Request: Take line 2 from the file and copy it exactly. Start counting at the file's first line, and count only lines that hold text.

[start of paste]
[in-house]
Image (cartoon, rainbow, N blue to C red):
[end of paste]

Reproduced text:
Image (cartoon, rainbow, N blue to C red):